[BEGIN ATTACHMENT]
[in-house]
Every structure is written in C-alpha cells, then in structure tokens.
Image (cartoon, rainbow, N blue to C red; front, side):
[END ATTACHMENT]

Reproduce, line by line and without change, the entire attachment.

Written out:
[in-house]
Every structure is written in C-alpha cells, then in structure tokens.
Image (cartoon, rainbow, N blue to C red; front, side):